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The Lonely Runner Conjecture

January 28, 2012

Another elusive open problem

Jörg Wills is a mathematician who has done many interesting things in geometry and related areas. But he is probably best known for a paper he wrote in 1967, “Zwei Sätze über inhomogene diophantische Approximation von Irrationalzahlen.” In this he created a conjecture, that was later independently discovered by Thomas Cusick, and finally named by Luis Goddyn as the lonely runner conjecture.

Today I (Dick) want to talk about this elusive conjecture that is another disease along with graph or group isomorphism and all the others and others.

So beware: read on only if you are prepared to spent hours thinking about a problem that is simple to state, has been open for forty-five years, and has resisted the efforts of some of the top researchers in the world. You have been warned.

The Problem

Actually unlike some of the other diseases the lonely runner conjecture (LRC) is really an important question in Diophantine approximation theory. Unlike many diseases it has nontrivial consequences and is related to important open questions in, for example, graph theory.

However, the best way to state the LRC is probably with the beautiful language of runners on a circular track rather than fractional parts of numbers. There are {n} runners going around a circular track of unit length, and they are very steady runners: they each have their own distinct paces. They all start together from the same starting spot and continue running at their own unique pace forever. Unlike real runners they never vary their speeds, they never get tired, and they never interfere with each other—even as faster runners pass slower runners.

The question is, will there be a time when no runner will be near the start? More precisely, when each runner will be distance at least {\frac{1}{n+1}} from the start?

The reason this is called the “lonely runner conjecture” is that we can imagine that there really are {n+1} runners, but one runner has pace zero—that’s me. So I stay at the start and become lonely when no one else is near me, either behind or in front. If you think I should try walking, just subtract my walking speed from everyone else’s and we’re back in the case where I stand still. If you get Patrick Makau to run instead, then subtracting his speed is the same as using me and having the others run in the opposite direction. Thus the originally stated conjecture that each of {n+1} runners gets “lonely” at some time is equivalent to {n} runners and just me being lonely.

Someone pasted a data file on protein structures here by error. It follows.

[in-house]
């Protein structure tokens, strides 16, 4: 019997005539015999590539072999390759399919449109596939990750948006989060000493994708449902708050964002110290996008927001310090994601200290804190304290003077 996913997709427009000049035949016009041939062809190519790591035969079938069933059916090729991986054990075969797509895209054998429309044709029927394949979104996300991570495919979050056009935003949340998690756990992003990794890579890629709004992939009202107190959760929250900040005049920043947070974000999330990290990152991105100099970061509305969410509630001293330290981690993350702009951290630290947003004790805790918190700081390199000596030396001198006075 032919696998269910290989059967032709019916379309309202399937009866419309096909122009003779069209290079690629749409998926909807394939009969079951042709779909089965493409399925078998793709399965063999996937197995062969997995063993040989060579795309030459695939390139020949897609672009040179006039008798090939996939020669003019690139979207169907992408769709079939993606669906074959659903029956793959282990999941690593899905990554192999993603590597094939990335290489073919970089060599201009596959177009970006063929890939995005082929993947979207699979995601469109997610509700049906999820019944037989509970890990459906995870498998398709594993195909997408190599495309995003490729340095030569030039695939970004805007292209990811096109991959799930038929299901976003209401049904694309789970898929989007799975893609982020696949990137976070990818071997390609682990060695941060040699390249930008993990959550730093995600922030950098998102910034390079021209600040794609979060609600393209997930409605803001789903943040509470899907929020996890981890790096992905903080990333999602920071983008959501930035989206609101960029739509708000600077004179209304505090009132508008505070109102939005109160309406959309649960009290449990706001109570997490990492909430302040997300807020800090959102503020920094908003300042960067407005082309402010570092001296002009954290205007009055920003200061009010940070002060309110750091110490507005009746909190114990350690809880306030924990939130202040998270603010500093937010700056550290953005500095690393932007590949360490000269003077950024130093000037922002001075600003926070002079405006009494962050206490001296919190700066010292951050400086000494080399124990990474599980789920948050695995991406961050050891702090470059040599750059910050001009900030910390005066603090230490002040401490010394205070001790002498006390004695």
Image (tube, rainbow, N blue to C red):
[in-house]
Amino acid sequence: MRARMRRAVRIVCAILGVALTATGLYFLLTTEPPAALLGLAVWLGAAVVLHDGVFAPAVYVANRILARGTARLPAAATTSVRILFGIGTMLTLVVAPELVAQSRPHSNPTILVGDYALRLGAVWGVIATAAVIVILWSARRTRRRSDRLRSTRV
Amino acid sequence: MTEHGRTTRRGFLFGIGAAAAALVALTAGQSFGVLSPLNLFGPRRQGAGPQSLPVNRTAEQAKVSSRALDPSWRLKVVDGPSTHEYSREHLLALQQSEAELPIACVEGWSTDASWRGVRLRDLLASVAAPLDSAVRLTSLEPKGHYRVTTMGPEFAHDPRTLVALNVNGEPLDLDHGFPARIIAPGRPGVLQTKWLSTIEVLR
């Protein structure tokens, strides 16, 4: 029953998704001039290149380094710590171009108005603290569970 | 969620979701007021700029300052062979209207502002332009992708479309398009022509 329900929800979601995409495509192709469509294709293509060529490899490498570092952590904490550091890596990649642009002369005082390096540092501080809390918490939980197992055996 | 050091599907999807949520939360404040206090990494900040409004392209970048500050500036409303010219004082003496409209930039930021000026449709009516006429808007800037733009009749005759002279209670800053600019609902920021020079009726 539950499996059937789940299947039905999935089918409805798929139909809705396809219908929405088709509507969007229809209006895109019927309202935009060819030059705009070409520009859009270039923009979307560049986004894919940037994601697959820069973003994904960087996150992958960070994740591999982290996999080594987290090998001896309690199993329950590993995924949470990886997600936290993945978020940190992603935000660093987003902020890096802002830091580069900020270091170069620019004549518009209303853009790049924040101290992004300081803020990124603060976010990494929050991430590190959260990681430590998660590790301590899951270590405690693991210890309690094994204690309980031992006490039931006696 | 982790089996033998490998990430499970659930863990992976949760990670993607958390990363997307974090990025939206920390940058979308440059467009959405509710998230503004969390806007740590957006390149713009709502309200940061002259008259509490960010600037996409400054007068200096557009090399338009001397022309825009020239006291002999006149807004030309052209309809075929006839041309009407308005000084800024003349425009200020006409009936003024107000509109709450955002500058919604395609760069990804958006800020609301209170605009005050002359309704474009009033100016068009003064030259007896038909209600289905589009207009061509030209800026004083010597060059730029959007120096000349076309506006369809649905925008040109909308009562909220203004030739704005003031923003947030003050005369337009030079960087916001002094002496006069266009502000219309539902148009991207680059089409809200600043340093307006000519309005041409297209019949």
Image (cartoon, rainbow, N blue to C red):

There are two types of partial results that are known. There are results that show that the problem holds for small values of {n}. The best of these is {n=6}, I believe. Again because I’m in every race, the paper’s title refers to seven “runners.” The other results treat the general case of {n} runners but restrict the speeds of the runners. For example, if the runners initially select random paces, then it is possible to prove very strong separation results. Other restrictions assume that the paces of the runners are sufficiently different, i.e. that the ratios of paces are relatively large.

The proofs of the conjecture even for small values of {n} can be quite intricate. If you like hard case-analysis proofs, then these are for you. Take a look. It is hard to imagine how difficult these proofs were to find, and how difficult they are to check for correctness—especially when computer searches are employed.

In order to give a bit of the flavor of the complex case analysis used, here is a diagram from the paper by Tom Bohman, Dan Kleitman, and Ron Holzman that proved the case {n=5}:

An Approach?

I must admit to have fallen a bit for this disease, but I cannot imagine trying to solve {n=7} by even more complex case analysis. That is beyond what I can do. But it did occur to me that there might be a different approach to the problem. My approach does not work yet, and may never work. But it could yield some new insights.

The idea is simple: apply the probabilistic method to the problem. Let’s start with a simple lemma:

Lemma 1 For any collection of {n} runners with non-zero paces that need not be distinct, and any interval {I} that includes the starting point, there is at least one time so that at most

\displaystyle  \lfloor n|I| \rfloor

runners are in the interval {I}.

Here {|I|} is the length of the interval. Before we prove the lemma let me give two interesting statements that follow.

Corollary 2 For any {n} and any runners with distinct non-zero paces, there is at least one time so that at most one runner is within {\frac{1}{n+1}} of the starting point.

Proof: The corollary follows by letting {I} be the interval {[-\frac{1}{n+1},+\frac{1}{n+1}]}. The lemma shows there is a time so that

\displaystyle  \lfloor n \cdot \frac{2}{n+1} \rfloor

runners are in {I}. But this quantity is {1}. \Box

Another corollary is this:

Corollary 3 For any {n} and any runners, fix a runner {r}. Then there is at least one time so that at most one runner {r' \neq r} is within {\frac{1}{n+2}} of the starting point.

Note that the interval is slightly smaller than before: the denominator has changed from {n+1} to {n+2}. But now we can “control” slightly which runner is allowed to be near the start.

Proof: The proof of the lemma is a simple probabilistic method argument. I cannot find a reference for it, but it must be well-known. In any case let’s go over the proof for completeness.

Define {X_{i}} to be the indicator random variable so that it is {1} when the {i^{th}} runner is in the interval {I} for a random time {t}. I claim that

\displaystyle  E[X_{i}] = |I|,

for all {i}. The claim follows by noting that as time {t} varies uniformly so does the runner’s position.

Now consider the summation

\displaystyle  S = \sum_{i=1}^{n} X_{i}.

This is the number of runners that are in the interval {I} at a random time {t}. But the expectation of {S} is {w = n|I|}. So there must be some time when {S \le \lfloor w \rfloor}, since {S} is an integer valued random variable. \Box

Building the Argument

Of course, having {1} runner near the start is not loneliness for me. But we can ask, what about the times when this runner enters, or leaves?